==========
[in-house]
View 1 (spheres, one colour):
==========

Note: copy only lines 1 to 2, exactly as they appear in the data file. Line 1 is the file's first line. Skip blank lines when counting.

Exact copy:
[in-house]
View 1 (spheres, one colour):